What is the right flooring system for us?
So many choices, companies, claims, endorsements, and recommendations to consider. The more you look, the more confusing it gets. Here is what you need to do. Here is what you need to know to get the flooring system suited to your needs.
This time last year, Catherine Conley was already living a ballet dancer's dream. After an exchange between her home ballet school in Chicago and the Cuban National Ballet School in Havana, she'd been invited to train in Cuba full-time. It was the opportunity of a lifetime, and one that was nearly unheard of for an American dancer. Now, though, Conley has even more exciting news: She's a full-fledged member of the National Ballet of Cuba's corps de ballet.
"In the school there were other foreigners, but in the company I'm the only foreigner—not just the only American, but the only non-Cuban," Conley says. But she doesn't feel like an outsider, or like a dancer embarking on a historic journey. "Nobody makes me feel different. They treat me as one of them," she says. Conley has become fluent in Spanish, and Cuba has come to feel like home. "The other day I was watching a movie that was dubbed in Spanish, and I understand absolutely everything now," she says.
Chantel Aguirre may call sunny Los Angeles home, but the Shaping Sound company member and NUVO faculty member spends more time in the air, on a tour bus or in a convention ballroom than she does in the City of Angels.
Aguirre, who is married to fellow Shaping Sound member Michael Keefe, generally only spends one week per month at home. "When I'm not working, I'm exploring," Aguirre says. "Michael and I are total travel junkies."
Akram Khan and Florence Welch (of Florence + The Machine) is not a pairing we ever would have dreamt up. But now that the music video for "Big God" has dropped, with choreography attributed to Khan and Welch, it seems that we just weren't dreaming big enough.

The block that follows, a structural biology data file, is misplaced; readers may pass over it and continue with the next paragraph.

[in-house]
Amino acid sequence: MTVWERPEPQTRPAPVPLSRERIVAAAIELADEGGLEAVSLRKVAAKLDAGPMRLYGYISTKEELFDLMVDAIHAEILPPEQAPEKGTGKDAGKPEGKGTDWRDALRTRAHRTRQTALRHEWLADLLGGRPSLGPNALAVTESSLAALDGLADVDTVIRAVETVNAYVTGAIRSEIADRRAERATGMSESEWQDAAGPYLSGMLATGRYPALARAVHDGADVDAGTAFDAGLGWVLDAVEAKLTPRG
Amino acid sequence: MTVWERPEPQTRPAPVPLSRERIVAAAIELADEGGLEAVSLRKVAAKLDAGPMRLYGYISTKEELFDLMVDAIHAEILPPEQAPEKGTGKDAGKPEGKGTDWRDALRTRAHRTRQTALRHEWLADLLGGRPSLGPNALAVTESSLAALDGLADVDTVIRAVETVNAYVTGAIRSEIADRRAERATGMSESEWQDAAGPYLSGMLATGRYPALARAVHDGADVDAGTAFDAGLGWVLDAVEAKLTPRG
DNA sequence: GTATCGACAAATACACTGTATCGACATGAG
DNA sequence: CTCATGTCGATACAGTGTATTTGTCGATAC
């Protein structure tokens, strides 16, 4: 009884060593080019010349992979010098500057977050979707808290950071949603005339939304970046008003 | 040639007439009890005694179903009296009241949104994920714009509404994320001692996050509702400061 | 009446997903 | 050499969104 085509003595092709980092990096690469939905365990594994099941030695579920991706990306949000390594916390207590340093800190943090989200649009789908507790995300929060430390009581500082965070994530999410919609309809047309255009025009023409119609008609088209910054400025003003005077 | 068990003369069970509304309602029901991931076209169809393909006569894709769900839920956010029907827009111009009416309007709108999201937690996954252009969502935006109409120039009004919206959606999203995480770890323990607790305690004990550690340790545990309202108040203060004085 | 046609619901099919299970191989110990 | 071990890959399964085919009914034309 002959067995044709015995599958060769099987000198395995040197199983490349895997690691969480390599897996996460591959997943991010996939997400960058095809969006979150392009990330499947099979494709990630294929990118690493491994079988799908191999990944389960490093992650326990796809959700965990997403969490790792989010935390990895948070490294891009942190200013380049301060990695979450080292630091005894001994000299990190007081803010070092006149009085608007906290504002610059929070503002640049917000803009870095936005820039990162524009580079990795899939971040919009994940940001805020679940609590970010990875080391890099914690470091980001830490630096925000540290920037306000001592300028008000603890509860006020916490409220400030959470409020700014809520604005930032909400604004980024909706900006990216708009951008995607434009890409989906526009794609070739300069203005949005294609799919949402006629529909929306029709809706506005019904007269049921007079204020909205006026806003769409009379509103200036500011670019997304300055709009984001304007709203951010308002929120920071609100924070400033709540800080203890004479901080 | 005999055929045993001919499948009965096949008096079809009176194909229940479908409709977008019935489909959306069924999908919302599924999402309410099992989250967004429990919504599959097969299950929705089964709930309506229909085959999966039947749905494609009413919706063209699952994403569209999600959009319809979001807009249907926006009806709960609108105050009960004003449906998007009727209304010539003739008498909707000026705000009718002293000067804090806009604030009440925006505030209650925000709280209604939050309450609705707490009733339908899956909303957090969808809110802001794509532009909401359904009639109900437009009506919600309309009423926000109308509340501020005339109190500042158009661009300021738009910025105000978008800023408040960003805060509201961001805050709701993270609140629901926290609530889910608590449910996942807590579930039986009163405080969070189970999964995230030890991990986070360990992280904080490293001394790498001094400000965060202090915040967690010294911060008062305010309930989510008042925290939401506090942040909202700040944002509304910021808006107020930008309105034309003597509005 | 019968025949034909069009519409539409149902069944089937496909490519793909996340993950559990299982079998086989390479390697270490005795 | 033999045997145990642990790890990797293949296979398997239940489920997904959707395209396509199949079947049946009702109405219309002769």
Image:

In the video, Welch leads a group of women standing in an eerily reflective pool of water. They seem untouchable, until they begin shedding their colorful veils, movements morphing to become animalistic and aggressive as the song progresses.
Savannah Lowery is about as well acquainted with the inner workings of a hospital as she is with the intricate footwork of Dewdrop.
As a child, the former New York City Ballet soloist would roam the hospital where her parents worked, pushing buttons and probably getting into too much trouble, she says. While other girls her age were clad in tutus playing ballerina, she was playing doctor.
"It just felt like home. I think it made me not scared of medicine, not scared of a hospital," she says. "I thought it was fascinating what they did."
It can be hard to focus when Alice Sheppard dances.
Her recent sold-out run of DESCENT at New York Live Arts, for instance, offered a constellation of stimulation. Onstage was a large architectural ramp with an assortment of peaks and planes. There was an intricate lighting and projection design. There was a musical score that unfolded like an epic poem. There was a live score too: the sounds of Sheppard and fellow dancer Laurel Lawson's bodies interacting with the surfaces beneath them.
And there were wheelchairs. But if you think the wheelchairs are the center of this work, you're missing something vital about what Sheppard creates.
A Jellicle Ball is coming to the big screen, with the unlikeliest of dancemakers on tap to choreograph.
We'll give you some hints: His choreography can aptly be described as "animalistic," though Jellicle cats have never come to mind specifically when watching his hyper-physical work. He's worked on movies before—even one about Beasts. And though contemporary ballet is his genre of choice, his choreography is certainly theatrical enough to lend itself to a musical.